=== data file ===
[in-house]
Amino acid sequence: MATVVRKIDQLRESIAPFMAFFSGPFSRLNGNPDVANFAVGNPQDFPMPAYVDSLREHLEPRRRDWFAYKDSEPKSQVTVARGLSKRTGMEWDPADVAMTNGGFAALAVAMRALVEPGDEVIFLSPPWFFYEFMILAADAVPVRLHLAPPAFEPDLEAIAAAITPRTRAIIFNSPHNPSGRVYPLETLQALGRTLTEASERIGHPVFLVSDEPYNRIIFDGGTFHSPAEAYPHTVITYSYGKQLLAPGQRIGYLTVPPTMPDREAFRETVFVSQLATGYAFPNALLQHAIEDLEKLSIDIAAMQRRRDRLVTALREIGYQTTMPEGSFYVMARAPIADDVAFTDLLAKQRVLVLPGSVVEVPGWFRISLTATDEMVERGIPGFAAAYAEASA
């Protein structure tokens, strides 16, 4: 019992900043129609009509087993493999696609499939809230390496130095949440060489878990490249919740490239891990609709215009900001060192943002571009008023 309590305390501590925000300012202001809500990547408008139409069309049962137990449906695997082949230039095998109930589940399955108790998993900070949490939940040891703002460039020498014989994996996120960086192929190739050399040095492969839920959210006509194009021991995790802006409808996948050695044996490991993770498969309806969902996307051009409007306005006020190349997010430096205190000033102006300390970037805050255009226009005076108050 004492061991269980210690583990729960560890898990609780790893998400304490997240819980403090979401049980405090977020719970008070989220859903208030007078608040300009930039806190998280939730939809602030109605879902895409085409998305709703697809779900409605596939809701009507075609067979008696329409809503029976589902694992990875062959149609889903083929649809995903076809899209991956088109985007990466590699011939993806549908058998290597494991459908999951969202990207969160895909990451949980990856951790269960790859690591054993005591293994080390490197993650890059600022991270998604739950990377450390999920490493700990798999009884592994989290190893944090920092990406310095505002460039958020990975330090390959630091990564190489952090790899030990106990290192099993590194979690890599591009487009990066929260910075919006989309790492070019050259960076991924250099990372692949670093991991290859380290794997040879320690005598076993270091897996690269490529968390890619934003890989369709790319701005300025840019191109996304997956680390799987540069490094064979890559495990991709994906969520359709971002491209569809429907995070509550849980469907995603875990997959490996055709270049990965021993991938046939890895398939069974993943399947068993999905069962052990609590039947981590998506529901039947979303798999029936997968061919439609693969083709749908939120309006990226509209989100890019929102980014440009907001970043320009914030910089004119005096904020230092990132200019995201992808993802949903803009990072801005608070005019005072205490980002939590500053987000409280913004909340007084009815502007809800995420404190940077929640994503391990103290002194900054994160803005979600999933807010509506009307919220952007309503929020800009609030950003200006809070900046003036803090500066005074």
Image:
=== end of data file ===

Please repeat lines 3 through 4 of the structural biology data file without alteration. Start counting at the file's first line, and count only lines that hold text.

């Protein structure tokens, strides 16, 4: 019992900043129609009509087993493999696609499939809230390496130095949440060489878990490249919740490239891990609709215009900001060192943002571009008023 309590305390501590925000300012202001809500990547408008139409069309049962137990449906695997082949230039095998109930589940399955108790998993900070949490939940040891703002460039020498014989994996996120960086192929190739050399040095492969839920959210006509194009021991995790802006409808996948050695044996490991993770498969309806969902996307051009409007306005006020190349997010430096205190000033102006300390970037805050255009226009005076108050 004492061991269980210690583990729960560890898990609780790893998400304490997240819980403090979401049980405090977020719970008070989220859903208030007078608040300009930039806190998280939730939809602030109605879902895409085409998305709703697809779900409605596939809701009507075609067979008696329409809503029976589902694992990875062959149609889903083929649809995903076809899209991956088109985007990466590699011939993806549908058998290597494991459908999951969202990207969160895909990451949980990856951790269960790859690591054993005591293994080390490197993650890059600022991270998604739950990377450390999920490493700990798999009884592994989290190893944090920092990406310095505002460039958020990975330090390959630091990564190489952090790899030990106990290192099993590194979690890599591009487009990066929260910075919006989309790492070019050259960076991924250099990372692949670093991991290859380290794997040879320690005598076993270091897996690269490529968390890619934003890989369709790319701005300025840019191109996304997956680390799987540069490094064979890559495990991709994906969520359709971002491209569809429907995070509550849980469907995603875990997959490996055709270049990965021993991938046939890895398939069974993943399947068993999905069962052990609590039947981590998506529901039947979303798999029936997968061919439609693969083709749908939120309006990226509209989100890019929102980014440009907001970043320009914030910089004119005096904020230092990132200019995201992808993802949903803009990072801005608070005019005072205490980002939590500053987000409280913004909340007084009815502007809800995420404190940077929640994503391990103290002194900054994160803005979600999933807010509506009307919220952007309503929020800009609030950003200006809070900046003036803090500066005074």
Image: